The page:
There's no way around the fact that the Western Conference is far deeper than its Eastern counterpart, the result being that teams in the West have a much more difficult time making the playoffs.
New commissioner Adam Silver would like to see that changed.
According to the San Antonio Express-News' Mike Monroe, Silver offered hope that the league would at least think about such a proposal:
Conducting an in-game interview with Spurs broadcasters Bill Land and Sean Elliott during the telecast of Friday's Spurs-Suns game at AT&T Center, Silver said the league needs to consider changes to the format that puts the top eight teams in each conference in the playoffs.
Per Monroe, Silver went on to say, “I don't know that there will be movement. My initial thought is we will take a fresh look at it," also noting that air travel was more cumbersome when the schedules were initially designed.
The comments came at a timely juncture given San Antonio's game against the Suns. Phoenix is one of three teams with just 32 losses in the West, each of which is competing for two remaining playoff spots (Dallas Mavericks and Memphis Grizzlies being the others).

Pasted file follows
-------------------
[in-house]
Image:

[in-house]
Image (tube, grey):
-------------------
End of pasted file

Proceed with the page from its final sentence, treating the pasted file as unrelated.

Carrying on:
A record like that would be good enough for the third seed in the East, however. The Minnesota Timberwolves (10th in the West) would qualify as the seventh seed in the East.
It's becoming increasingly hard to ignore the disparity. Sports Illustrated's Ben Golliver further examines why:
A disparity between the conferences has existed for some time, but this year it’s particularly egregious. As of Friday, five of the seven teams in the league with 50-plus wins were in the West. The Grizzlies are currently outside the playoff picture in the West, but they would be the No. 3 seed in the East. Meanwhile, the East’s No. 8 team, the Hawks, would have the 11th best record in the West. Plus, four of the five teams with less than 25 wins are currently in the East.
It's hard to imagine changes happening immediately, but there's certainly precedent. Just last fall, the league decided to change the NBA Finals home-road format from 2-3-2 to 2-2-1-1-1, overturning a decision David Stern made during his first year on the job.
One can't help but be intrigued at what the playoffs would look like were the top 16 teams to qualify regardless of conference. While you might not get a success story like the Charlotte Bobcats, a more deserving team, like the Suns, wouldn't be left out in the cold.
A change would also radically reshape how we discuss the playoffs, shifting our attention away from the conference system altogether.